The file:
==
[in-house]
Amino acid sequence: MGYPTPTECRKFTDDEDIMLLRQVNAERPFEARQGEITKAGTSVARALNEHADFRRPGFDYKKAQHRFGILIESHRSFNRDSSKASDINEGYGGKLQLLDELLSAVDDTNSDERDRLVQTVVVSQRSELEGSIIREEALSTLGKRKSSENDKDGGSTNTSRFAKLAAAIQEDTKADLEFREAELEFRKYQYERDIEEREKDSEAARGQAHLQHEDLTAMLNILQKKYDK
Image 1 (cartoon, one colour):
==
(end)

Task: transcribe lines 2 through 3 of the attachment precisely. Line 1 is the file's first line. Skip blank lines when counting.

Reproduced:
Amino acid sequence: MGYPTPTECRKFTDDEDIMLLRQVNAERPFEARQGEITKAGTSVARALNEHADFRRPGFDYKKAQHRFGILIESHRSFNRDSSKASDINEGYGGKLQLLDELLSAVDDTNSDERDRLVQTVVVSQRSELEGSIIREEALSTLGKRKSSENDKDGGSTNTSRFAKLAAAIQEDTKADLEFREAELEFRKYQYERDIEEREKDSEAARGQAHLQHEDLTAMLNILQKKYDK
Image 1 (cartoon, one colour):